Sukkot begins at sunset on September 30th, 2012 and continues through the evening of October 7th, 2012. For some Reform communities Sukkot ends on the evening of October 6th. Immediately following the conclusion of Sukkot Shemini Atzeret and Simchat Torah begin.
What is Sukkot?
Sukkot is known as the ‘Festival of Tabernacles’ or ‘The Feast of Booths,’ because during this holiday Jews are commanded to build a booth or a hut called a sukkah. To learn the rules of building a Sukkah click here. Sukkot is one of the shalosh regalim, the Pilgrimage Festivals.
What are Some Sukkot Customs and Practices?
Along with building a sukkah, other Sukkot traditions include the daily shaking of the lulav and etrog. To learn how to buy a set click here.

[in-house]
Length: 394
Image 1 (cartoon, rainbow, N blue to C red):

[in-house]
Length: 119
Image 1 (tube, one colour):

It is customary to invite men and women from the Bible to join us in our sukkot. This invitation is called ushpizin.
In the times of the Temple Sukkot was not only a harvest festival but also included a Water Drawing Ceremony.
There are many traditional foods associated with Sukkot. Given that sukkot falls in autumn most foods have a bit of a fall theme. Some examples are Sweet and Savory Stuffed Prunes, and Stuffed Pumpkin.
Pronounced: LOO-lahv (oo as in boo), Origin: Hebrew, a bundle of branches representing three species — willow, myrtle and palm — which are shaken together with the etrog on Sukkot.
Pronounced: sue-KOTE, or SOOH-kuss (oo as in book), Origin: Hebrew, a harvest festival in which Jews eat inside temporary huts, falls in the Jewish month of Tishrei, which usually coincides with September or October.